The problem with staying in a hotel is they want you to leave the room so they can clean it. I took my early morning walk on the beach, but now it´s noon and hotter than hell, and I´m too enervated to deal. The Big Cheese is in Phnom Penh, slaying his own dragons, and here in paradise we´ve devolved into every parental touristic joke – kids watching Die Hard and Napoleon Dynamite on local cable, or the 60-baht bootleg DVDs they sell in the streets, ordering hamburgers from room service and falling asleep by the pool.
I read this book before I left, 12,000 Miles in the Nick of Time, about a nice New York (liberal intellectual) guy and his wife who decide to unplug their three kids for the summer and take them on a slumming-through-India-Asia, etc. tour. Their kids, predictably, think most of their vacation sucks. It´s a hilarious and sad book in many ways – the hapless, well-meaning dad flummoxed by various failures and bad decisions. For instance, Tuol Sleng, the infamous Cambodian school-turned-prison, turns out to be a real bummer. Throughout the book the kids are jonesing for email and a place they don´t have to brush their teeth with orange soda. Our trip is different from theirs in several key ways – for starters, we´re hardly slumming it – but much of the journey still resonates. I bring them to the Land of the Emerald Buddha and they turn their faces toward the familiar – the glow of television, the nepenthe of Sprite. They think Thai food is disgusting beyond words.
Today I´m wearing Laura Tonatto´s Safram. I´m not loving it. I love a note of saffron, although I suppose it can wear out its welcome, and maybe it has. Maybe it´s just too hot to appreciate anything that doesn´t smell like lime ice. Maybe that faint nausea I´m feeling isn´t ennui. I´ve been hitting the local cuisine reasonably hard (we jokingly refer to all the food stalls, collectively, as Scary Noodle) and maybe last night´s $2 dinner wasn´t as fresh as it could have been. Maybe I need to lay off the mango before I turn into one.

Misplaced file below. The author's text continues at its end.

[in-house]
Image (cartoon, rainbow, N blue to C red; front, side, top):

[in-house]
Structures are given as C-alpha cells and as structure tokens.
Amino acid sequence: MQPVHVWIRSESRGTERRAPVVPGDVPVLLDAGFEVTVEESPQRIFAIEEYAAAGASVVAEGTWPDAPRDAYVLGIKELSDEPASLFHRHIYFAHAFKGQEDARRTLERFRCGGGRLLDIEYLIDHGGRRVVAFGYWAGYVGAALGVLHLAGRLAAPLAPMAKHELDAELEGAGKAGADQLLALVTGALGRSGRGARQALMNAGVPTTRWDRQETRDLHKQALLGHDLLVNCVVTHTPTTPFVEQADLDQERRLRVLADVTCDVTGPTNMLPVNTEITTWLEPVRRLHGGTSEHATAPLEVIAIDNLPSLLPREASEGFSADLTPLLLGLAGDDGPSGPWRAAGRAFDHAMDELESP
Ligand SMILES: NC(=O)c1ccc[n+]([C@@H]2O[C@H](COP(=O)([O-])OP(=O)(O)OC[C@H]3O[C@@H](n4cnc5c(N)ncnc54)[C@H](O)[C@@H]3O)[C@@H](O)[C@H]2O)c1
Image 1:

From culinarycafe.com: “Saffron is the stigma of Crocus sativus, a flowering plant in the crocus family. Saffron, the world’s most expensive spice, is costly because more than 225,000 stigmas must be hand picked to produce one pound.”
Safram is a linear scent on me. It´s not a foody smell. I can´t find a list of notes, but I swear I remember this as having some sort of spice note, pepper and more herbs, maybe, but instead I´m getting a definite hit of vanilla, like saffron ice cream, and it´s not making me happy. It´s also got a tiny hippie-oil vibe I don´t care for, that murky, mushroomy co-op smell that´s fine in a $8 hippie-oil, but not at the prices the LTs go for. I wish I´d brought along my L´Artisan Safran Troublant for comparison, which I think must be drier than this, but maybe that´s because I was layering it with one of the other Epices in the set, the Poivre? I wonder if that set is still available… yep, there it is on Luckyscent, a bargain at $75. Questions, questions. Like, how can Troublant have rose in it? I´m not remembering rose. Dang, it´s hard being away from the perfume mother ship.
You all have your bottles close at hand. Is there a singular smell – like saffron – that you love as a dominant note or soliflore in one fragrance, and inexplicably dislike in another seemingly similar fragrance? Say that last sentence three times fast.
image, saffron pistils: profumo.it